Albany Democrat-Herald from Albany, Oregon on May 4, 1936 · Page 1
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May 4, 1936

Albany Democrat-Herald from Albany, Oregon · Page 1

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Monday, May 4, 1936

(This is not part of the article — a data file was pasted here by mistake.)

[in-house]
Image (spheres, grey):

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FULL LEASED WIRE Vntrt Pros Service Classified Ads . ! Roach nearly 4,000 homes daily, and are eagerly read. It you have any wants they will pay. Telephone 15 ' .--7 - " plete County, State. Ration- H World News the day It h r ' Serving all Linn County. mm The Alb Democrat-Herald, Vol. LXIX, No. 252 ALBANY, LINN COUNTY, OREGON, MONDAY, MAY 4, 1936 .. The Albany Herald, Vol. LXI, No. 242 l1MJ, rrj r-r g gj-r-n-- ' i i - THINK SO? British Send Sikhs to Aid ITALIANS BUSINESSMEN NEW uhPITOL Symphony Scores With Fine Concert Sunday; High Praise Spoken by Guest Conductor Embattled in Plea Goes Far E .Lack of Space to Force State to Continue ' Renting Rooms POLITICS CHARGED Choice of Architect Due to Be Announced This Week Salem, Ore., May 4. Oregon's new statehouse is going to be a "one-horse capitol," Governor Martin declared today. "When it bursts on the good Deo- pie what that capitol is-going to . b"a . some storm, the governor pre-, S IT ing turned over to him the most difficult and brilliant pieces on the program. Still another part of the program which was thoroughly enjoyed was the string quartet, comprised of Charles South and Martha Veal, violins; Clarence Veal, viola, and Roberta Moffitt, violin-cello. The first number was "In-terludium in modo , antica." which gave the performers a rare chance to show the technique of each instrument In the quartet. Both violins brought dulcet melody into the ' interpretation and the low, vibrant tones of the 'cello with the tremulous notes of the viola were beautiful. Four Indian Love Lyrics by Amy Woodforde-Finden, started off the second part of the concert with Prof. Luper again taking up his baton. These lyrics gained much favorable comment. Mr. Burggraf's arrangement of "Unfold Ye Portals," from "The Martin's comments came at a movement from the Schubert meeting of the state board of con- number did the violin and violin-trol when Donald A. Young, Salem cello sections carry heavy and . attorney and capitalist, offered : beautiful parts. Wagnerian music again to build a temporary office as shown in the - Tannhauser structure if the state would lease march, carries a large part for it for three to five years. j the percussive section, and the Retitlnr in f nntituie timim? and resnnnse aiiined in the Music week's opening in Albany yesterday thrilled a thousand music lovers as the Albany Symphony orchestra, under the direction of Loren Luper, played a well rounded program in the Albany armory. R. W.- Hans Seitz, Salem, who will celebrate . his 50th year in the musical field next October, acted as guest conductor for two of the numbers and the Methodist Episcopal church choir, under the leadership of Lural.i Burggraf sang two numbers. In speaking of the orchestra, following the concert, Dr. Seitz said, "Albany people should well be proud of such an organization it is marvelous." Director Luper relinquished his baton to Dr. Seitz for the Allegro moderato from the Unfinished Symphony in B Minor by Franz Schubert and the Wagnerian Lmw Mm-r-h Every movement of Dr. Seitz's Daton inrinea me auaience ana brought full, rich interpretation I of the numbers. Especially in the march along with the brass and I string sectionsi brought out martial effects 'of the pomp and I circumstance of Tannhauser. Prof. Luper gave Dr. Seitz an excellent chance to prove his worthiness as a conductor, hav- E Albany school musicians will contribute the second event of Music Week here when they appear tonight in a program at the Albany high school auditorium under direction of Loren Luper. school band conductor and head of the public school music depart ment. The program is scheduled to stnrt at 7:30 o'clock, with the high school and Madison and Central junior high schools participating. The Central glee club will sing Ian operetta number and Cathrine sorenson, representing mat scnooi, will olav a niann solo The Madison glee club will also sing operetta selections. The hii'h school's contribution will include a vocal solo by Edith Anderson and a saxophone solo by Helen Koos. Tomorrow night Albany college and local musicians will join in giving a musical entertainment at 8 o'clock in the Methodist church as the third event of the week, under direction of Mrs. Martha Veal and Olga Jackson. The schools will again contribute a program Thursday night when the younger children appear. Groups Will Unite To Hear Credit Man A joint meeting of Albany chamber of commerce, the Linn County Credit Association and the Business and Professional Women's club of Albany is to be held Tuesday evening of this Week at the Albany hotel, beginning with a dinner at 6:30. L. S- Crowder of St. Louis, general manager of the National Retail Credit association' ,is to be the speaker. I The entertainment part of the program will include two violin solos bv Mrs. Lvle Bain, Mr. and Mrs. Loren Luper in a group of SCHOOLS 1 ! TRY TO DELAY TAX BILL, SI Senator Harrison Says Propaganda Drive Under Way CITES PACKERS' LETTER Leader Hopes Measure to Reach Final Vote by Mid-May Washington, May 4. Bankers and businessmen charged todav that the $803,000,000 tax bill would affect seriously the nation's credit system and drew a sharp retort from Chairman Pat Harri son that a propaganda campaign is underway to "delay this legisla tion. "I just want to read a letter to show how propaganda is being used to delay this bill," Harrison said, interrupting the testimony of renresentatives of the United States chamber of commerce who contended the measure would "put a premium" on bankruptcies in the United States. "This letter is from the Institute of American Meat Packers of Chicago and 1 want to read it into the record. Can't Hear All "It is written to their members and tells them to buy a railroad ticket to Washington and to be here bv today and plan to stay. "It tells them to write to the chairman of the senate finance committee, to write to their sena tors and, upon arrival in Wash ington, to call upon their senators and representatives and explain honestly and clearly how thjs measure affects business." Harrison, denouncing what he contended was a campaign to dc lay action on. the measure no is trying to get to the floor of the senate by mid-May, said that the letter referred particularly to the unjust enrichment clause of the new bill. "I want to say to you gentlemen who may have come here from far parts of the country," he said "that you may not get a chance to be heard. But there are others who represent your views and they will, within reason, be heard.' BATTERY A WILL CAMP AT CLATSOP INSTEAD OF FORT Battery A, 249th coast artillery of Albany, will encamp this year at Camp Clatsop, instead of at rt, Stevens, according to Charles j Olvis, captain of the battery, which is beginning to lay plans for its annual two-weeks' training period The pneampment will take place oeiwcen June 10 anu June ju, captain Olvis said, at the same time the national guard infantry also training at Camp Clatsop. Combining of the coast artillery and infantry encampments will place more than 3500 officers and men at Camp Clatsop, Captain Ol vis said. The Albany battery, which operates the coast artillery guns at Ft. Stevens, will be transported daily to and from the fort in trucks. According to Captain Olvis Camp Clatsop is undergoing an im provement program that will ren der it the best national guard train ing quarters in the United States Already facilities have been aug mented, including a recreation hall heated out-door swimming pool and officers' club, and the grounds have been landscaped. At Ft. Stevens, Captain Olvis said, the barracks are now occu pied by the regular garrison ; which has been recently I creased. All told his basketball squads won 41 out of 45 games under! him, and his baseball club took, 56 out of 68 contests. In the three seasons that his basketballers went to the state tournament, they placed twice. This season they j c """ "'"';" ',' "u,u mnil n?hi rw.n ? championship Corvallis team. W (."I CIlIIIIIKIiL-U III UIV 11131 IVUIIU Fans in Albany will probably remember Faber as a Willamette ff. j" against Albany college here on' Central field and broke his leg during the game. That injury sent Evidence that the Frenchmen t who chose her can't be wrong Is the remarkable resemblance ; of Ginette Mnrboeuf - Hoyet, above. Paris' "Shirley Temple." ; to the American child star. Chosen frorrt 3000 French girls as Shirley's double. 5-vear-cid, blond Ginette has sailed tor America to visit the real Miss Temple in Hollywood. PAULOS' STORY Portland. Ore., May 4. Jack Bernard Justice today entered specific denial to every accusation made against him by the .state which charges him with the first degree murder of W. Frank Akini former state investigator here Novt 20. 1933. Justice said his relations with Akin over a period of years were friendly desoite the fact that he "dropped" $300 in Akin's Wyoming oil well scheme which failed. He said numerous persons who like wise lost money in the venture were disgruntled but he never heard any threats against Akin. He denied specifically the testimony of Larry Paulos. Seattle burglar, who has testified that Justice hired him to beat Akin in March. 1933. Justice said he met Paulos in a federal road camp near Fort Lewis early in 1933 but that he never had more than five minutes conversation with him. Paulos testified that in the road camp Justice told him there was $200 in a safety, deposit box in Portland for the person who would beat Akin. "I never hoard that story until I came, into this courtroom," Justice said. Unfinished at the noon recess, Justice was expected this afternoon to deny that he discussed the Akin slaying with Peggy Paulos, who testified that she procured a gun, presumed by the state be the one with which Akin was killed, and gave it to Justice and to Leo Hall, convicted Bremerton mass murderer. Brownsville Senior Play Due Wednesday Brownsville, May 4. (Special) The senior class of Brownsville high school will present its class play, "Ready Made Family," on Wednesday evening, May 6, at 8 o'clock, at the new high school gymnasium. This will be the first presentation of a play on the new stage. The cast includes the following: Agnes Martyn, a widow, Darl Sawyer; Bob, her son, Paul Vroman; Marilee, her elder daughter, Adeline Kaleese; Gracie, her youngest child, Margaret Large; Miss Lydia, her sister-in-law, Barbara Clark; Henry Turner, a widower, Bill Dedman; Doris, his daughter, Margaret Spencer; Sammie, his son, Wallace Wright; Begonia, darky cook, Dorothy Cubbison; Nicodemus, colored handy man, George McFce. JUSTICE DENES F T TO E Askaris Wait Arrival of Motor Colums and ' White Troops .. ; RIOTING CONTINUES Large Portion of City Is Burned as Looters ; Seek Spoils ; '.' . Rome, May 4. A composite reg- iment made up of men picked from all units of the .Italian army was expected to enter the burning city of Addis Ababa today. Fifteen thousand native Askari soldiers of Eritrea, camped in the hills north of the capital yester- day, ready to move in at the or- der of Marshal Pietro Badogllo. Dispatches from the front said a composite regiment had been formed, representing the Askari. . infantry, artillery, air force, engineers, grenadiers, Bersaglieri, Alpim, cavalry, marines and fascist militia men, to lead the ad vance. Italy Walts News Premier Benito Mussolini plan ned to announce the news to tha country from the chamber of deputies at its meeting. , All that was awaited was the ar- was ready tor the announcement. Provided all went well, it was planned to sound sirens and rintf church bells in every town - and village In Italy the signal for all fascists to drop their work and hasten in uniform to their headquarters. All tht was awaited was the ar rival of the motorized units at the Askari camp. Learning that the foreign copu lation of Addis Ababa was In dan-' ger of attack by bandits, Badoglio speeded up the advance so that the occupation would occur as soon, as sufficient Italian lorces reached the outskirts of the city. V. S. Woman Killed ' f Pillaging natives, Inflamed by impending Italian occupation of Addis Ababa, attacked the American and other foreign legations today. Many white persons wero killed or wounded as they stood off the crazed natives. A stalwart little band of Ameri cans in the United States legation compound fought off one attack (l'leaftc Turn to Tage Two) LEFTIST VICTORY PRESAGES END OF SARRAUT CABINET Paris, May 4. A tremendous left-wing popular front victory in the parliamentary run-off election, featured by sweeping communist gains, presaged the downfall of the Sarraiit cabinet today: The dominating majority of the French parliament for the next four years will be in the hands of the communists, socialists and radical socialists. These parties, combined as the popular front, will distate an all-left government which probably will take power as soon as parliament is convened on June 1 if not sooner. A new triumvirate of power has been set up as a result of Sunday's balloting The three men who will dictate French policies for the next three years will be the communist, Maurice Thorez; the socialist, Leon Blum, and the radical socialist, Edouard Daladier. Scouts Get Awards At Court of Honor Halsey. (Special) Three Brownsville scouts received first class ratings at a Cascade area council court of honor at the Halsey Methodist church Thursday night with F. P. Nutting, judge, and Commissioner F, D. White in charge. The trio Included Kenneth Christianson, Virgil Hayden and Vernon Vromen, all of troop No. 35. Wellington Bond, Halsey, re ceived a star scout rating. First class merit badges were won by Rodney Tripp, troop 22. Albany; Wellington Bond and Jimmie Hamer, both of troop 34, Halsey. A second class merit baddge was given to Bob Mlkkelson, troop No. 10, Albany, and Lyle Holt and Lowell Straley of the Halsey troop received second class scout ratings. NO FOOUN' Somebody certainly got his goat FridawJ. A. Neuman, manager ot the ciV dump, reported to police headquarters today. Neuman complained th.it while he was away from his residence near the dump ground Friday unidentified thieves made away with a gray milk goat, of which Neuman has several. An investigation is under way. Ql REGIMEN NTER CAPITAL U.S. Legation Addis Ababa; London. May 4. The foreign office was advised late today by Sir Sidney Barton, British min ister at Addis Ababa, that a truckload of armed Sikh troops had been sent to the beleaguered United States legation from the British compound. At the request of Robert W. Bingham, United States ambas sador, the foreign office instructed Siri Sidney to furnish all possible aid to the Americans. Washington, May 4. Radio spanned the world today with a dramatic appeal by American Minister Cornelius Van H. tn-gert at Addis Ababa for "a Lewis gun and a few Sikhs" with which to hold the beleaguered American compound against an Ethiopian horde. Unable to communicate with the British legation four miles away through streets streaming with rioting, pillage-mad natives, En-gert sent his message for reinforcements over a sputtering port able radio direct to Washington. When radio technicians received the message at the huge naval wireless station at Arlington, Va the state department telephoned British authorities in London, asking them to wireless the plea METHODIST UNION APPROVED IN VOTE AT ANNUAL MEET Columbus, May 4. The Metho dist Episcopal church today accepted a viva voce vote the plan of union with the Methodist Epis copal church, South, and the Methodist Protestant cljurch. The vote was 470 to 83. The plan of union, which has been proposed by a joint commission of interdenominational relations and church union of the three churches, was submitted for a vote after more than three hours debate- on the floor of the 32nd general conference of the Methodist Episcopal church hero. Under the plan, the three prin cipal Methodist bodies of the world would be united with a total membership of about 8,000,000. The new church would be known simply as the Methodist church. Before the plan becomes effective, it must be adopted by three-fourths of the smaller conferences of the M. E. church, and by the government bodies of the other two churches. It was believed final action would not be taken for two or three years, Knox to Deliver Talk in Portland Portland, Ore., May 4. Frank Knox, of Chicago, republican aspirant to the presidency, will carry his campaign to the Pacific Northwest by speaking here next Monday night, the Oregon Republican club announced yesterday. Knox' name will not appear on the Oregon preferential ballot May 15. Senator William E. Borah was the only republican to file for the presidential nomination. Lebanon High Plans May Day Fere Friday Lebanon. (Special) Lebanon high school will present a May Day program nt the high school grounds on Friday afternoon. May 8, that will consist of the crowning of Queen Georgia (Georgia Anderson), a program of music and baseball game on Newport field. Eighth grade graduates of the rural and town schools who intend to register at Lebanon high school next year will have the opportunity to visit the campus and become familiar with the building on festival day. AUNTHET BY ROBERT QUILLEN "I knew Cousin Jim would vole for that ignorant blow-hard, lve alwayfl noticed that men Vote for the candidate thats most like them." (ConrrfcM, Publtob. trntltf) back to Addis Ababa, to the British minister. Although appealing for aid, En-gert and his motley little band of defenders had repulsed at least one attack by the African marauders who stormed through the streets of the razed and looted Ethiopian capital. Engert calmly communicating in the formal language of diplomatic etiquette made plain that he was prepared to defend the American legation quarters so long as the odds did not become overwhelming. "Two messengers," he explained in his wireless dispatch to Washington, "sent to the British legation today could not get through." As communication with that legation is essential if we are to remain here please communicate immediately via London my request to Sir Sidney Barton, British minister here, that he get in touch with me. "Kindly state also that with the assistance of a few Sikhs and one Lewis gun, we could hold this legation if the Italians arrive within a few days." The little store of rifles and revolvers with which Engert was defending his impromptu fortress meantime was strengthened from an unexpected source. EMPEROR SAILS London, May 4. Emperor Hailc Selassie, abandoning his conquered African empire, sailed for Palestine from Djibouti, French Somaliland, today. . The British admiralty announced he left for Haifa aboard the British cruiser' Enterprise. After a short stay there to pray at the Coptic" shrine endowed by the empress, it was expected he would come to England for final haven under the British flag. Foreign Minister Anthony Eden informed the house of commons that the emperor "has renounced the direction of affairs." " The British correspondents reported ten Europeans had been killed and 300 Ethiopians wounded in Sunday's looting. Fire had destroyed the greater part of the city. . Two thousand refugees or zj different nationalities were in the besieged grounds of the British legation under a heavy fall of rain which increased their misery. Shots fired by rioting Ethiopians pierced tents set up in the lega tion compound. Most of the foreigners In Addis Ababa were In the safety of the British legation walls, protected by 250 Sikh troopers, the message said. A few remained barricaded in their own houses. After defending the Turkish le gation against attackers armed with rifles and machine guns, its staff decided the position no long er was tenable and was rescued by a party from the British lega tion. Rescue parties also brought to the British legation a young Belgian who said a large gang of looters, qrmcd with machine guns, had besicued his house. He and his two companions fought them off until their ammunition was exhausted. He said he killed 25 of the looters and then escaped in a rescue lorry. Underground Water Supply Urged Salem Salem, Ore., May 4. Construction of an underground water sunnlv svstcm for the city of Salem on Stayton island, 18 miles southeast of here, was recommended to the city council today by Stevens Se Coon, Portland en gineers. The system would cost $50,000 lass than an open-river supply system and annual operation and maintenance cost of the island ; source would be $6000 less, the engineers estimated. I CHAMPS TO SHOW Brownsville, (Special) Local horseshoe pitchers, and fans will have a chance to see world's ! chamnion Ditchers in action in i Brownsville Monday evening. At that time Mr. and Mrs. Guy Zim merman will give an exhibition i of their skill at the corner of ! Spaulding Avenue and Averill TO INSTALL. ELEVATOR Announcement was made today that there will be no elevator ser vice in the First National bank building during the period when installation of a new elevator Is being completed tomorrow and Wednesday. Service will be re sumed Thursday, it was stated. CLl'B TO ELECT Delegates to the state conven tion will be chosen Tuesday night by the Shedd Garden club meeting at 8 o'clock in the Shcdd Meth odist church. FOR PALESTINE Redemption," was splendid. The Drass quanei ana vympani lent an atmosphere of early Christian mu sic to the number. The rendition of "Holy Thou Art," from Han-dels' "Largo!' with the orchestra forming the musical background, was another high spot on the pro gram. Mrs. Hazel Ewing was ac- companist for the choir, The concluding numbers for the afternoon were "Valse Triste" jby Sibelius, which is a favorite with many and the march from "Athalia," by Mendelssohn, which is also well-known to many. I. S. STAMP SALES GAIN 25 PER CENT HERE IN APRIL, SAYS P.M. Stamp sales at the Albany post office for April were 25 per cent greater in volume than those of April, 1035, and so great that if maintained during the remainder of the year'Albany "will easily reach its first class rating goal, Postmaster G. T. Hockensmith said today. " Sales last month totaled $3,-863.78, Mr. Hockensmith said. The April, 1935 volume was $3,071.78, showing an increase of $702 on a comparative basis. Inasmuch as first quarter sales also were substantially higher this year than last, confidence was expressed here that Albany will attain first class post office rating. especially in view of the fact that the election campaign prior to no- vember will augment stamp sales. The aesirea rating win ne attained if sales total $44,000 or more in 1936. MORE MUSICIANS FROM ALBANY WIN IN STATE CONTEST Additional winners of places in the state-wide Oregon Federation of Musicians' contest in Portland last week were reported today Cathrine Sorenson won second place and Clifford Leonard third in the hymns division and Donald Beight placed first In the essay contest, while Miss Sorenson won first place in the piano solo con test and Menlee Looney third. Miss Looney won a permanent cup for having placed first for two years in two hymn divisions and Donald Nebergall and Edith Gilchrist received a similar cup for .winning three years in two-piano, four-hand contests. Furthermore Muriel Hope Ran-ney. Corvallis, a pupil of Charles South, placed third In the violin solo contest and Dorothy Bohle, Lebanon, placed second in the piano soi0 contest. Miss Bohle is a college for many years. Albany teachers entering contestants were Professor Miller, Mr. South and Mrs. Clarence Veal, whose string quartet placed in the contest as announced last week. Four Deaths From Drowning Reported Oregon City, Ore., May 4. Two persons were drowned near here Sunday. William Lovelace, 18 of Portland, lost his life when his canoe capsized in Oswego lake. Friends The board tabled Young's offer even though he offered to cut his rental if the slate would take a 1 two-story instead of one-floor building. The structure would ho built across the street to the north of the present office building "The new capitol is going to be smaller than the old building," the governor said. "It will mean that we will have to continue to pay about $70,000 a vear to rent downtown office space. "But as far as I'm concerned the capitol is going on as it is. I believe there will be a movement on foot, however, and a raucous quarrel to ww thst $70,000 a year. Politics Blamed "To me it's tragic that the legislature cut the-capitol.progi'am bv $1,000,000. But I was knocked clear out of the ring and am just a spectator now.- "I do not want to b" accused of bad faith the way this capitol I thine has turned out. but the way politics were played In dividing up the appointments of the members of the capitol reconstruction com mission, just wnai s hanpening ! now on the commission is to have been expected. I do not want to put the next i legislature in a hole. I do not want to complicate the question, but the dear people are going to have to settle this and I do bMieve they shdnld be informed and sec what they're up against. Architect unoice uue When the sun rises, it will be, seen.that we were right all alon"." The governor wahted to appoint j all the members of a three or five- man reconstruction commission. He also wanted the new capitol built on Candalaria Heights, south of the Salem city limits. Instead, the special legislative session last fall created a nine-member commission with the governor, president of the senate and sneaker of the house each appointing three members, and put the canitol on the old site. . The last week of this month will see the commission's jury of. award choosing an architect for the new statehouse from among 200 contestants. GENERAL HAGOOD RELIEVED OF DUTY AT OWN REQUEST Washington, May 4. Maj. Gen. Johnson Hagood today was relieved of duty as commander of the sixth corps area, at his own request. He was relieved of duty by a special order issued by the war department, following his request to be retired from active service. Hagood. storm center of a controversy over his characterization of WPA appropriations as "stage money." took command here only last Friday. He had been relieved of his command of the eighth corps area in Texas and suspended as a reprimand for his blunt remarks before a congressional committee. OVE BOTTLE CATSl'P. $10 Jjmes A. Wise let his temper go the best of him when he got into an argument in a local restaurant over payment of a bill last .night and heaved a catsup bottle into the street as he left. The bottle broke, which rendered Mr. Wise's act unwise, for it laid him open to a dis orderly conduct charge. He nlead- t. ed guilty before Judge Van Tassel j in citv court today and was fined i $10. Late today he had not secured j the wherewithal to pay his fine, so was sojourning in the city jail. I . I iiiaiiuiiicuiai wii-muiis unu "ipupil of Jessie Skinner, Leoanon. reading by Miss Isabel McLeod, who in turn has becn a pupil of of Albany college. Prof. Justin A. Miller of Albany I"; New Pirate Coach Makes Good Record at Ashland From the Headlines By Deacon Richmond Warning Sounded Against Quacks The failure of our bodies to remain in good condition, makes some demand on science and some on superstition. The. people, we call savages, use amulets and tharms: they wear them in their ears or nose, as bands, around their medicine-men proclaim. But we arc not much better, as arms; Ihey . prize a tiger tooth ori claw, to ritl themiwas of their pain, and put much faith ir.Onything their Don Faber, the newly-signed. Albany college coach, brings an impre:ssive record with him. In four seasons as coach at Ashland high he has gained six district titles. l.1 Ashland is a member of Southern Oregon circuit of high school play, and meets some tough ..,;.:.. u, competition there. Faber has more than held his own since going h'ashe : nod oS over" the period, and it took two state champions to beat him then. i ; r : recovered the body, Harold Smith, 46, of Portland, drowned in Willamette river while angling for salmon. His motorboat struck a submerged , log and turned over. A companion. ,E. L. Lee, also of Portland, was saved. DEAL NOT C'LOSF.D j far as I can see. for we will fall I Investigation revealed today ' for anything that gets publicity.! Klamath Falls, Ore., May 4. that the reported leasing of the . Turtle serum, monkey glands, ' Drownings took two lives here store room formerly occupied by electric belts and pills; a perfect ; Sunday. The body of Jack Mur-the Fred Meyer store has not ma-1 'cure' is advertised for each oncphy, sheepherder missing for a terialized. While there has been a of your ills. And. if you think! week, was found in Lost river mutiiuiu, wiiii iu. amic mam-: hlm out or football for a year, pionship football squads, beat him J He was quite an athlete in cK three times to annex the lead le(,ei earnjng eight awards. FoSrf there, but Faber brought Ashland f them he received in track, to rest in second place each time, j tw0 more in basketball, and two And once even Medford failed t" more in football stop his team, and they grabbed I It isrrt aU alh'iptics for helm, that title too. either, for he has taken graduate Among the other titles taken lv work at Oregon State, and even his teams during his reign arNlnow is planruw for a master's three district championships in ; degree " from "me university of basketball, and two in baseball. California. contract for lease pendiML with parlies considering establi? general merchandise store the deal rains unsettled. here. (g,t they don I seel, you d best not near Merrill. Lcland Brower. 7, place a bet. for their 'take' is quite died in Klgfcath river near Mc-sufficient to erase the nation's icollums mill when seized with debt. cramps.